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Malaysia: Sabah's Mabul Island gets a marine biologist's protection

lim chia ying The Star 22 Apr 14;

Earth Day, Earth Warriors: A marine biologist is making a sea of changes among Sabah's Mabul islanders to safeguard their fragile marine resources.

Its reputation as a world-class diving spot has gotten tourists flocking to Mabul Island in Sabah. The rich marine biodiversity is an underwater experience to savour, and this is made possible by the people who work tirelessly to spread marine awareness and monitor unlawful activities to help preserve this paradise.

Marine biologist Choo Poh Leem is one of these passionate “warriors”. She has devoted much time and energy to oversee the marine life while doing educational outreach. Mabul Island, she explains, is part of the Semporna Priority Conservation Area (PCA), a special marine area of about 7,680 sq km in south-eastern Sabah, believed to harbour the largest concentration of coral reefs in Malaysia.

“These reefs are globally significant in terms of biodiversity and are recognised as a ‘globally outstanding priority conservation area’ at the apex of the Coral Triangle. And the Coral Triangle is the nursery of the seas, with amazing biodiversity that rivals that of the Amazon and the Congo Basin,” says Choo, 27.

The Coral Triangle is an area of tropical marine waters bordered by Indonesia, Malaysia, Papua New Guinea, the Philippines, Timor Leste, and the Solomon Islands, and is deemed to be an area of high marine biodiversity. Since 2011, Choo has been working for WWF-Malaysia’s Semporna PCA Team, which addresses marine conservation issues plaguing the area.

Mabul is famed for “muck diving”, whereby critters such as the blue ring octopus, pipefish, seahorses, sea slugs and cuttlefish can be seen in sandy and sometimes, muddy, sea bottom. With the popularity of the island among recreational divers, Choo says the local community can switch from a fishery-based livelihood to a tourism-based one.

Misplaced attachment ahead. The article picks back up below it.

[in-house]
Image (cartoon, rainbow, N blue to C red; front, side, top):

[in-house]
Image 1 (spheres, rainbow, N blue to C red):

“There is potential to start community-based tourism that is sustainable and environmentally-friendly, and the locals themselves can become conservation champions,” she says.

Choo, who studied ecology and biodiversity at Universiti Malaya and has a Master’s degree in tropical marine biology from James Cook University in Australia, says her career choice stemmed from her love for the sea, and fascination with pretty underwater photos from books and television from a young age.

“I was born in Penang Island and raised at Batu Feringghi, and have always enjoyed all kinds of water sports and the wonderful underwater world. All these spurred my interest.”

One of her tasks is conducting training for the Green Semporna youth club and awareness activities with school children. She also carries out reef surveys twice a year. She says continuous reef monitoring is useful to show the condition of the coral reefs – whether they are improving or degrading.

“There’s a lot of planning and collaboration involved. To ensure that we monitor the large expanse of reefs in Semporna PCA, we collaborate with partners such as Scuba Junkie and Reef Check Malaysia,” she explains.

A problem that besets Semporna PCA is fish bombing or dynamite fishing – the use of explosives to harvest fish. Choo is working on an Anti-Fish Bombing campaign jointly with Sabah Parks, Sabah Fisheries Department, the Marine Police, Malaysian Maritime Enforcement Agency, dive operators and local communities. The campaign rallies for increased monitoring and patrolling.

She stresses that fish bombing has far-reaching destructive ecological impacts; a lot of untargeted fish get killed, and coral reefs which the fish depend on for survival are destroyed. Fish bombing is illegal under the Fisheries Act 1985 but the local communities perceive the act differently.